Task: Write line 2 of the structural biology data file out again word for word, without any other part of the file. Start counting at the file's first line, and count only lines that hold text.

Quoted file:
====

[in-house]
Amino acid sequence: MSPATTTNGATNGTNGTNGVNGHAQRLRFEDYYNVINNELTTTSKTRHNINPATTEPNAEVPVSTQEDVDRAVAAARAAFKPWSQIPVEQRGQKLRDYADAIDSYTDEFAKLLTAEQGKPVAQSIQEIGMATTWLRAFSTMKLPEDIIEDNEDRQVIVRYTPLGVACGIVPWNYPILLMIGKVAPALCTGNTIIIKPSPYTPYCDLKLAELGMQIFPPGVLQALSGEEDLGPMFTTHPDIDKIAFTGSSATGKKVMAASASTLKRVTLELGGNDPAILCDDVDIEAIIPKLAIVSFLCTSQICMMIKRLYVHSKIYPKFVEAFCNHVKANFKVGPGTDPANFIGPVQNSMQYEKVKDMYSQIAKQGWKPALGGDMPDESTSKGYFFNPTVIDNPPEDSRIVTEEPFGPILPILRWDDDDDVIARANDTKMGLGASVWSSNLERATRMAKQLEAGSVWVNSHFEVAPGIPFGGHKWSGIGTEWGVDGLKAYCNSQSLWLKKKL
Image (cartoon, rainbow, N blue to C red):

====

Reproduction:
Amino acid sequence: MSPATTTNGATNGTNGTNGVNGHAQRLRFEDYYNVINNELTTTSKTRHNINPATTEPNAEVPVSTQEDVDRAVAAARAAFKPWSQIPVEQRGQKLRDYADAIDSYTDEFAKLLTAEQGKPVAQSIQEIGMATTWLRAFSTMKLPEDIIEDNEDRQVIVRYTPLGVACGIVPWNYPILLMIGKVAPALCTGNTIIIKPSPYTPYCDLKLAELGMQIFPPGVLQALSGEEDLGPMFTTHPDIDKIAFTGSSATGKKVMAASASTLKRVTLELGGNDPAILCDDVDIEAIIPKLAIVSFLCTSQICMMIKRLYVHSKIYPKFVEAFCNHVKANFKVGPGTDPANFIGPVQNSMQYEKVKDMYSQIAKQGWKPALGGDMPDESTSKGYFFNPTVIDNPPEDSRIVTEEPFGPILPILRWDDDDDVIARANDTKMGLGASVWSSNLERATRMAKQLEAGSVWVNSHFEVAPGIPFGGHKWSGIGTEWGVDGLKAYCNSQSLWLKKKL